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Nova: Ice Age Death Trap

Narrated by Lance Lewman , Eleanor Grant  |  NR |  DVD
4.6 out of 5 stars  See all reviews (7 customer reviews)

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Product Details

  • Actors: Narrated by Lance Lewman
  • Directors: Eleanor Grant
  • Format: Color, NTSC
  • Language: English
  • Subtitles: English
  • Region: Region 1 (U.S. and Canada only. Read more about DVD formats.)
  • Aspect Ratio: 1.33:1
  • Number of discs: 1
  • Rated: NR (Not Rated)
  • Studio: PBS / Nova
  • DVD Release Date: April 10, 2012
  • Run Time: 60 minutes
  • Average Customer Review: 4.6 out of 5 stars  See all reviews (7 customer reviews)
  • ASIN: B006WDEAR8
  • Amazon Best Sellers Rank: #233,419 in Movies & TV (See Top 100 in Movies & TV)

Special Features

None.

Editorial Reviews

During construction in Colorado, a bulldozer dug up a tooth so huge it had to be held in two hands. NOVA s Ice Age Death Trap reveals intimate secrets of the life and death of North America s most exotic and extreme creatures. Most tantalizing of all, the team unearths startling and controversial evidence of what may be the earliest humans ever to venture into the untamed wilderness of Ice Age America.

Customer Reviews

4.6 out of 5 stars
(7)
4.6 out of 5 stars
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Most Helpful Customer Reviews
3 of 3 people found the following review helpful
5.0 out of 5 stars Interesting - June 7, 2012
A construction crew building a small dam near Snowmass, CO. unearths two large mammoth bones, and experts are called in. Fortunately they are given a period of time to dig through the area. They find several layers of prehistoric bones, including mammoths, giant buffalo and bears, and giant sloths. Strangely, there were no predator bones found. The bones date back 150,000 years - the experts theorize that the large animals sank into the sand during earthquakes and then could not extract themselves, starving to death. Over 4,000 bones were collected in a six-week period. Most surprising was finding cut marks on some bones - suggesting the existence of humans using cutting stones to utilize the meat in the top layer where the bones were also found with stones seemingly used to kill the animals. That top layer was dated back to about 40,000 years ago - about 20,000 years prior to prior earliest evidence of man in North America.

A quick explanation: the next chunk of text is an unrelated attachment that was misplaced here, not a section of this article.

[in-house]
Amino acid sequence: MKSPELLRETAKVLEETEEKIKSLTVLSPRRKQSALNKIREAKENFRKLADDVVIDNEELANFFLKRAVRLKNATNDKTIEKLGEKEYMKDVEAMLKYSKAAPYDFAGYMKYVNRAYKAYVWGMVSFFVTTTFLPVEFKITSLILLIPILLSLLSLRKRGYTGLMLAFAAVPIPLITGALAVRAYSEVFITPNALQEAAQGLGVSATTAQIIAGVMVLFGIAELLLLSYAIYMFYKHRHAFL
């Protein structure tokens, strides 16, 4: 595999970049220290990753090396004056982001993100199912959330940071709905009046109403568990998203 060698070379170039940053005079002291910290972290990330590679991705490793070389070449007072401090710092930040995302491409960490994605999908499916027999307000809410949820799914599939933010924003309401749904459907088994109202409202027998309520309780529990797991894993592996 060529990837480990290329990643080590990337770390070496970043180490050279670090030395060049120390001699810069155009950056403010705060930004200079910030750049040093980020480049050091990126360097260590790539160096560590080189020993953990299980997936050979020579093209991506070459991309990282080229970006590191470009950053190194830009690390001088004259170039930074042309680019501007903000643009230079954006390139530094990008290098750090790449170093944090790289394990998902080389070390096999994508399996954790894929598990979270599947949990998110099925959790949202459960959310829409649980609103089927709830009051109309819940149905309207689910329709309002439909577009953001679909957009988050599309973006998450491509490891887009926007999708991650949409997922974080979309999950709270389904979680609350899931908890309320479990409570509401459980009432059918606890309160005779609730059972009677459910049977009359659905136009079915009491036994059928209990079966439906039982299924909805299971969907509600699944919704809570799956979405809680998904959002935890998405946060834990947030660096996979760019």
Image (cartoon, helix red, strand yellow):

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4.0 out of 5 stars Fascinating look at a large fossil cache September 6, 2013
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Very interesting and well done documentary on a mastodon death trap. Would recommend to anyone interested in fossils and prehistoric life.
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5.0 out of 5 stars An Accidental Find is a Paleo Treasure Trove August 28, 2013
In October, 2010, a worker bulldozing a reservoir outside of Snowmass, Colorado finds some large bones that turn out to be those of a mammoth. A team headed by experts from the Denver Museum of Nature & Science unearth more mammoth bones, as well as many more of mastodon, some representatives of an extinct species of bison, and specimens of other varieties of Ice Age megafauna, dating from 45,000 to 150,000 years ago. The find is a mixed blessing, as the researchers are put in the odd situation of having to rush the excavation of the find of a lifetime.

From the scientists involved (and with the help of some adequate CGI), the viewer receives a crash course in the ecology of Pleistocene North America, the science behind ice ages in general, and the evolution of this particular site over tens of thousands of years--from lake, to bog, to meadow. The team (which includes experts in geology, paleontology, paleobotany, and evolutionary biology) examines several lines of evidence, concluding that the mass grave is probably the result of "liquefaction" from earthquakes sucking heavy beasts into the lake bed. But for all they learn about the site, new questions arise. Why are all the bones those of herbivores, without even any signs of scavenging on the bodies? Where are the predators and scavengers? Where are the saber-toothed cats, short-faced bears, and dire wolves?

And what of the 40,000-year-old mammoth covered in seemingly out-of-place boulders? It reminds at least one of the scientists involved of a known method ancient hunters used to cache large kills at the bottoms of lakes. Additionally, one of these bones has marks on it that don't seem consistent with gnawing or contact with rocks.
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3.0 out of 5 stars Fortean honey trap August 8, 2013
"Ice Age Death Trap" is a very respectable PBS-National Geographic documentary and part of the NOVA science series. It follows a group of excavators at Snowmass in Colorado, as they are unearthing ancient mammal fossils from the bottom of an old lake. Most of the stuff shown is pretty conventional. If you're first love is mastodon bones, brace yourself for a treat.

The program is topped off by a sensational find: a mammoth carcass which seems to have been anchored to the bottom of the lake by boulders. This was standard practice among Paleo-Indians, but there is one problem: the mammoth remains are believed to be over 40,000 years old. However, according to conventional wisdom, humans didn't reach the Americas until about 15,000 years ago. Weirdly, this find is not discussed at the official site of the dig, the Snowmastodon Project. Too hot?

Since mastodons frankly aren't my cup of tea (or first love), I found "Ice Age Death Trap" pretty boring, until the pre-Clovis discovery. Fortean honey traps can show up in the most unexpected of places. Even at Snowmass, Colorado.
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